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Delay (anologue of Thread.Sleep ) RRS feed

  • Question

  • Hi, guys. I need to execution some action in the application one after the other with a delay. If I use the timer, then the condition of execution action one after the other is not satisfied. If I use the Thread.Sleep, then during the execution of Thread.Sleep() there is a black screen. The delay time longer than five seconds and it is critical, because during the delay aplication must show the normal screen. I need an alternative of Thread.Sleep(). Or an explanation (or link to additional material) of how to use the Thread.Sleep() for WP7.
    Wednesday, January 26, 2011 12:27 PM

Answers

  • I always try to stay away from timers, unless it's for an action that must be performed at regular intervals (note 'regular'). In your case I would use Thread.Sleep in a background thread, and then post back to the UI thread after each item is processed:
    SynchronizationContext context = SynchronizationCOntext.Current;
    Thread t = new Thread(() =>
    {
        // Get info for items...
        foreach (var item in items)
        {
            // Use Send() for synchronous processing
            context.Send((state) =>
            { 
                 // This executes on the UI thread, make sure you don't use the item variable here!!
                 var temp = (ItemType)state;
                 PerformAction(temp);
            }, item);
            Thread.Sleep(200);
    
        }
    };
    
    t.IsBackground = true;
    t.Start();
    
    Wednesday, January 26, 2011 3:03 PM

All replies

  • Just keep track of what methods you have executed and use a timer between each one.

    Psudocode:
    // Global  
    bool started = false;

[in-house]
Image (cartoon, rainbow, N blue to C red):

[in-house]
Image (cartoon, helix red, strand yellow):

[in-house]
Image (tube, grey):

int stage = 0;  
    Timer timer;  
     
    update()  
    {  
     
        If (timer > 5 seconds || !started)  
        {  
            started = true;
            switch(stage)  
            {  
               case 0:  
                   timer = 0;  
                   executeStage0();  
                   // Next stage  
                   stage = 1;  
                   timer.start();  
                   break;  
               case 1:  
                   timer = 0;  
                   executeStage1();  
                   // Next stage  
                   stage = 2;  
                   timer.start();  
                   break;  
               //...  
               case 5:  
                   timer = 0;  
                   executeStage5();  
                   // Go back to the start  
                   stage = 0;  
                   timer.start();  
            }  
        }  
     
    You could probably use gameTime instead of the timer.

    Regards
    John
    Wednesday, January 26, 2011 1:00 PM
  • I always try to stay away from timers, unless it's for an action that must be performed at regular intervals (note 'regular'). In your case I would use Thread.Sleep in a background thread, and then post back to the UI thread after each item is processed:
    SynchronizationContext context = SynchronizationCOntext.Current;
    Thread t = new Thread(() =>
    {
        // Get info for items...
        foreach (var item in items)
        {
            // Use Send() for synchronous processing
            context.Send((state) =>
            { 
                 // This executes on the UI thread, make sure you don't use the item variable here!!
                 var temp = (ItemType)state;
                 PerformAction(temp);
            }, item);
            Thread.Sleep(200);
    
        }
    };
    
    t.IsBackground = true;
    t.Start();
    
    Wednesday, January 26, 2011 3:03 PM